Judgehydrogen’s first work is titled Infection from 2000. While creating a lush aural environment for 3d animations in 2001-2003, Biopathy I, II, III were his hallmark visual compositions during this time. He continued to stretch himself and psyche with a final 3d ambient work in 2003-2005 titled Impetus. It’s 2d and 3d abilities in an odyssey in creation, annihilation, and rebirth. Atheistic God was released in 2007 and following that in 2008 was Cult of Blood. After the completion of Cult, he started making plans for a third album. He filled 2009-11 with attending horror conventions to expose more people to the dark, unappreciated beauty of who he is and what he’s about. Revolutionary Suicide found it’s release in November of 2011. This is the final component to the aural triptych and a return to the dark ambient and industrial roots.

Like the Id of the brain, Judgehydrogen has this undeniable impulse, drive and aggression to create; almost an obsession he can’t hide from. The wants and desires we contain, it is the force that encourages the tendency to seek gratification of any impulse.

His music expands the mind into multiple processes of cognitive function, defenses, and spiritual organization of the psychic agency known as conscience. From there he builds around his meditative state where he often forgets the wicked world. His ideas are far from the mainstream so it’s necessary for him to forget the ideal pretty and create deformed notions of beauty.

“To me, my aesthetic is not radical in any way,” he put plainly, “I do not try to create musick and art for a genre. I couldn’t make mainstream musick even if I wanted to. I am a foreigner in a foreign land.”

So it makes sense that many of his influences might be from artists and musicians not familiar to many; Sisters of Mercy, Coil, Laibach, Coph Nia, Rome, The Sisterhood, Heimataerde, Rammstein, Ordo Rosarius Equilibrio, and Christian Death. He finds pop music toxic and rock bores him to the point of guttural disarray; “We consume poisoned food so why not consume poisoned art?”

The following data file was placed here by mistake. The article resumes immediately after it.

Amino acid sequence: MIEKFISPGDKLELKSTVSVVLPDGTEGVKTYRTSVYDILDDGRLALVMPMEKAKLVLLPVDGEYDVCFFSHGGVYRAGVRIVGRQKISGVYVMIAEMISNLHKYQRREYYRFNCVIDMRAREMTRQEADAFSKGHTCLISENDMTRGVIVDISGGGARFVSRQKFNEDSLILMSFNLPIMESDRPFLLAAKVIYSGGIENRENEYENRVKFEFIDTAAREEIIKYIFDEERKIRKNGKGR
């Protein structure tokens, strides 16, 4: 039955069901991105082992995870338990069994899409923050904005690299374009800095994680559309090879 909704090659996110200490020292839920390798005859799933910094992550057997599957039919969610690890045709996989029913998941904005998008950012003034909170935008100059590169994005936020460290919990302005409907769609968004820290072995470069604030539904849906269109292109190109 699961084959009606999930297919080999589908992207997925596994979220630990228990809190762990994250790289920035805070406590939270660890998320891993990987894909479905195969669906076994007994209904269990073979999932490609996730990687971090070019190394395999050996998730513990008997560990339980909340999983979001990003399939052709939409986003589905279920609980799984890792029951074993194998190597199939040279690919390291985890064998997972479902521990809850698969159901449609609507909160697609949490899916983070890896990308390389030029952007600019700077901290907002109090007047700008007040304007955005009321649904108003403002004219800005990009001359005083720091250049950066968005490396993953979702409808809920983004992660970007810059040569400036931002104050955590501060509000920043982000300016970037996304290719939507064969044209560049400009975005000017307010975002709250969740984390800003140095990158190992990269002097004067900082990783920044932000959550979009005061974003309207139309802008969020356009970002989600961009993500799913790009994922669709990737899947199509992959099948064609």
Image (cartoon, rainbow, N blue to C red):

His art takes us to the basic existence of being human. He’s studied evolution and anthropology. They provide the essence of cornerstones into his ethos. It is elegantly destructive to look at and has you mesmerized because your eye will view the askew of what each work contains. It has the tendency to evoke feelings that you want to take all the way to the Nth degree. Seeing what the darkest parts of you look like and where in the cerebral hemisphere it is. What are the Amygdala and it’s allies planning in the way of terror and anger?

“It is my obligation as an artist to capture visually life tearing itself apart. My work focuses upon apocalyptic myths,” he says, “these myths shape our conscious and subconscious minds and provoke great conflict.”

He’s currently doing the convention circuit and having five albums completed. As he’s deciding on when to release them, his next project is an album of new apocalyptic mythos. A wicked combination of fictional narrative and mystic, apocalyptic myths. This is his strongest album musically and conceptually.

As well as other musicians that help influence him, authors Cormac McCarthy and Carl Sagan have been an influence. McCarthy’s apocalyptic vision is terrifying but a potential future for us. His next read is Perdurabo: The Life of Aleister Crowley. He has just finished Darkly Dreaming Dexter and is into The Dreadful Death of Edgar Switchblade.

To stay up to date and on point with him, visit www.judgehydrogen.com.